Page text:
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Broadband Internet services expected for most Washington state reservations

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SEATTLE - There is a common half-serious joke making its way around Indian country that says American Indians invented wireless technology with smoke signals. Though smoke signals were more common on the clear and open plains than the rainy and varied landscape of the Pacific Northwest, modern technology has found a way to compensate.

A partnership between tribal organizations and business is bringing broadband Internet service to rural Washington state tribes. Around the middle of February, 20 families on the Sauk-Suiattle reservation, located about 80 miles through difficult terrain northeast of Seattle, will receive high-powered computers as the first step toward having a broadband Internet service.

A broadband service is a wireless Internet connection that emanates from a transmitting source like radio or television. The tribe will also have the ability to be an Internet Service Provider to not just tribal members but others in the surrounding rural community.

The project is a joint plan by Affiliated Tribes of Northwest Indians Economic Development Corporation (ATNI-EDC) and Verizon Avenue, formerly a small time local carrier or "ma bell" that was bought by the larger cell phone company. ATNI-EDC is a non-profit organization representing 54 Pacific Northwest tribes.

"We hope this project will act as a model for other major telecom corporations, who have overlooked bringing new technology and expanded service to rural areas," said ATNI-EDC President Dave Tovey in a press release.

Also contributing to the plan were separate foundations set up by Microsoft pioneers Bill Gates and Paul Allen, who contributed grant funding for the feasibility studies on Washington state reservations.

Sometimes compared to the 1930s Rural Electrification Act, this project stems from a provision in the 1996 Telecommunications Act that asked that federal subsidies to be given to telecommunications companies that would provide services to rural areas. This has proven to be especially valuable for tribes as most are located in rural areas.

The Sauk-Suiattle tribe is the first of several tribes that is due for a telecommunications make over. Already plans are under way to provide similar broadband service for the Lummi, Makah and Lower Elwah tribes in addition to several others.

Over the next few years, all 29 of Washington state's tribes are supposed to at least have broadband projects on the drawing board.

Elstun Lauesen, ATNI-EDC technology director, said both his organization and Verizon Avenue are following a strict protocol. Tribal councils of the prospective tribes are consulted before the plan is laid out and both the tribal government and tribal members are being consulted before both allowing the project to proceed and designing a network that works best for both individual tribal members and the tribal government.

"This is a locally-driven project," said Lawrence Spotted Bird who runs a tribal technology consulting firm that is working on the project. "We don't come in with an established vision."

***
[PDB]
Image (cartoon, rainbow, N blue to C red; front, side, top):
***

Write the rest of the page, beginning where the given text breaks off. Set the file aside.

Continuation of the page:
Spotted Bird noted how quickly the Sauk-Suiattle project came together. It was only last November that the feasibility study was done and the project has a tentative Feb. 10 start date.

Sources close to the project say that Verizon Avenue became involved in the project largely because 90 percent of the metropolitan market is already sewn up by the telecommunications giant. Verizon Avenue apparently still has retained its old "ma bell" staff who are described by one source as "a lot of younger people who wanted to capitalize on the open rural markets."

Verizon Avenue realized that the rural market was the best way to expand business and the 1996 Act helped put the federal funding in place to make this a reality. Opening service on the reservations allows the company a foothold in rural areas of Washington state and reservations will serve as de facto field posts for Verizon Avenue as Internet Service Providers.

The subsidies allow Verizon Avenue to provide a lower cost installation and thus lower costs on the tribal members who are expected to pay only $10 to $12 a month for Internet service. Unlike analog telephone service the broadband, coupled with a high-speed digital connection does not price its service according to time.

Since the tribes will also have the option of being their own Internet Service Provider with the ability to sell low cost service this adds an additional form of revenue for the project.

Though, as in the case of the Sauk-Suiattle reservation, it will be necessary in many instances to install additional land-based lines to service the area which can cost in the tens of thousands of dollars, Verizon Avenue is expected to recoup their costs within three to five years.

A similar, though unrelated project was done a few years ago on the Suquamish reservation close to Seattle. Bob Gemmell, a Suquamish tribal member who worked on that project said it was easier for them to do their project because of the nearness of an existing fiber cable.

Suquamish, located immediately across the Puget Sound from Seattle, benefited from its proximity to that city and thus eliminated the difficulty of having to install a new line, a luxury many of the state's more remote tribes do not have.

In fact, ATNI-EDC Technology Director Lauesen said that many of the tribes in Washington state are reliant on antiquated phone lines.

"Some of those phone lines have become so degraded that (only a low speed connection) could be made. Now the tribes will have the fastest and most modern connections."